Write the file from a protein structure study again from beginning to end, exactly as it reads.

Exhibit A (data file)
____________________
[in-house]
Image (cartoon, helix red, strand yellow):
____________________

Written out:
[in-house]
Image (cartoon, helix red, strand yellow):